Sewage sludge. Source: wikipedia.orgSewage sludge. Source: wikipedia.orgSewage water treatment produces a considerable amount of sludge, which is a challenge for wastewater plants. In Malaysia, the volume of sludge is expected to rise, yet disposal options are limited as stricter environmental regulations include a ban on burying sludge in soil due to its high heavy metal content. At the same time, the construction industry is studying alternative economically and ecologically sound cement replacement materials as concrete demand continues to rise.

The Pertanika Journal of Science and Technology published a recent study by researchers from Universiti Teknologi MARA who investigated the potential of sludge as an alternative cement material for making concrete. Using different proportions of domestic waste sludge powder (DWSP), the researchers mixed it with cement to produce varieties of concrete (normal strength Grade 30 and higher strength Grades 40 and 50). They then compared each concrete mixture with normal concrete in terms of their compressive strength, water absorption, water permeability and rapid chloride ion penetration (that is, permeability to salt).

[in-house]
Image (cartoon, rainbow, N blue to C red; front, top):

The study found that the compressive strengths of DWSP concrete decreased as the proportion of DWSP increased in concrete mix, with the exception of Grade 40 concrete containing 7% DWSP. Both water absorption and water permeability increased as the percentage of DWSP increased.

However, normal concrete was more permeable than DWSP concrete of Grade 40, suggesting that DWSP enhanced concrete durability. Additionally, the resistance to chloride permeability increased for concretes with up to 15% DWSP.

Relevant links:

Pertanika Journals

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Wastewater Used to Capture CO2 Emissions, Produce Hydrogen for Energy

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